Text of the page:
FIG. 2 illustrates an inlet-and-outlet valve in accordance with the invention similar to the valve illustrated in FIG. 1 but with the magnetic core 4 and sealed housing 1 in one piece. The core in this version also protects the ferrofluidic seal. This unit, which essentially comprises only four components, is particularly recommended for the manufacture of a single type of inlet-and-outlet valve on a large industrial scale. This embodiment also includes an activated carbon filter 12 concentrically accommodated in the insert 2 and positioned directly upstream of the inlet and outlet 1.1 in the housing 1.
The filter 12 is designed to prevent direct contact with the ferrofluidic liquid. The material must also be made of a material that will not draw the ferrofluidic liquid from the sealing gap between the pole shoe 11 and the core 4. The activated carbon filter 12 can, for example, also be axially separated from its adjacent pole shoe. The filter mitigates the detrimental action of the gases escaping through the gap 6 before they can enter the atmosphere through inlet and outlet 1.1.
FIG. 3 illustrates an inlet-and-outlet valve that is essentially identical with the valve illustrated in FIG. 1, although it is intended to withstand higher and lower pressures and is accordingly provided with a series of two gaps 6.1 and 6.2. The components of this valve are substantially identical in design with those of the valve illustrated in FIG. 1 with the exception that the core 4 and insert 2 are axially longer. This minor change is of particular advantage from the aspect of economy.
The inlet-and-outlet valve illustrated in FIG. 4 has an annular gap 6. Ferrofluidic liquid 7 is protected by a labyrinth seal 8. Labyrinth seal 8 is provided with a drain 8.1 that opens into the space 9 being sealed. The labyrinth seal is positioned upstream of the gap 6 toward the space 9. Labyrinth seals are in themselves known and exist in enough different shapes and sizes to be economical for industrial-scale valve production.
FIG. 5 is a graph of pressure (vertical axis) vs. time (horizontal axis) illustrating how the inlet-and-outlet valve works. Variations in pressure are plotted in terms of varying temperature, which pressure may oscillate around the atmospheric pressure for example.
As the temperature inside the sealed space 9 increases, the pressure will also increase up to a precisely prescribed threshold. As the temperature continues to increase, ferrofluidic liquid 7 will uncover a narrow gap 6, between a pole shoe 11 and the core 4 of the magnet for example, allowing gas to escape through inlet and outlet 1.1 and compensating the pressure. Ferrofluidic liquid 7 will thereafter completely occupy the gap 6 again, sealing the space 9 off from the environment. The opposite procedure will occur when the pressure inside the space decreases. The valve will seal off the space until the pressure decreases to a precisely prescribed lower threshold. A gap 6 will then open in the ferrofluidic seal and allow gas (e.g., air) to flow in from the environment until the pressure is compensated, at which time the valve will close again. The pressures will be compensated to a narrow tolerance, which can be established at precisely 0.02 bars. The advantage is that one and the same pressure regulating inlet-and-outlet valve can be employed to compensate very slight over and under pressures. The valve will remain open until the maximal allowable pressure is established again. If conditions remain stable, the valve will close, confining noxious or unpleasant gases to the sealed space. A valve in accordance with the invention will respond very rapidly to minimal pressure differences. It is simple in design, easy to clean, and very precisely adjustable.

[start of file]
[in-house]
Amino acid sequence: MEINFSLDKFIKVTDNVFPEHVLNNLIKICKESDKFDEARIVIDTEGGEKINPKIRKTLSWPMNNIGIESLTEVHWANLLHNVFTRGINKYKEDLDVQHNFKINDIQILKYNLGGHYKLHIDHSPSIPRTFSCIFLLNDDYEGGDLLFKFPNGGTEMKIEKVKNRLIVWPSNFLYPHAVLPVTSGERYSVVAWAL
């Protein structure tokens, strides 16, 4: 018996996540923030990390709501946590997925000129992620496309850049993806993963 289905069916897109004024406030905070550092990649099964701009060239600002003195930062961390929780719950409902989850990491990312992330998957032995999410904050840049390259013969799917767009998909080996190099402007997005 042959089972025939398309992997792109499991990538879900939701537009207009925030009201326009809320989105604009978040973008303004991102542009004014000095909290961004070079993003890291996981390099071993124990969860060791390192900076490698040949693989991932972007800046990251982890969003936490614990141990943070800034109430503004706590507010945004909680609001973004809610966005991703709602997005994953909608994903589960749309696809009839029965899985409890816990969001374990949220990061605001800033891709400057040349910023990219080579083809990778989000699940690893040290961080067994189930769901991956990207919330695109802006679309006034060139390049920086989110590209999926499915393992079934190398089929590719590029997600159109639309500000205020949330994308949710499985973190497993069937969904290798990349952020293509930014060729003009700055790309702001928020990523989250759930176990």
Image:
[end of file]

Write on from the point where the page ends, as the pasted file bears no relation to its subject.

There has thus been shown and described a novel pressure regulating inlet and outlet valve which fulfills all the objects and advantages sought therefor. Many changes, modifications, variations and other uses and applications of the subject invention will, however, become apparent to those skilled in the art after considering this specification and the accompanying drawings which disclose the preferred embodiments thereof. All such changes, modifications, variations and other uses and applications which do not depart from the spirit and scope of the invention are deemed to be covered by the invention, which is to be limited only by the claims which follow.
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|U.S. Classification||137/493, 137/909, 137/807, 137/827|
|International Classification||F16K13/10, F16K31/06, F16K24/00|
|Cooperative Classification||Y10T137/2191, Y10T137/7771, Y10T137/2082, Y10S137/909, F16K13/10, F16K24/00, F16K31/06|
|European Classification||F16K24/00, F16K13/10, F16K31/06|
|Oct 23, 1991||AS||Assignment|
Owner name: FIRMA CARL FREUNDENBERG A GERMAN CORPORATION
Free format text: ASSIGNMENT OF ASSIGNORS INTEREST.;ASSIGNOR:VOGT, ROLF;REEL/FRAME:005894/0043
Effective date: 19911017
|Oct 8, 1996||REMI||Maintenance fee reminder mailed|
|Mar 2, 1997||LAPS||Lapse for failure to pay maintenance fees|
|May 13, 1997||FP||Expired due to failure to pay maintenance fee|
Effective date: 19970305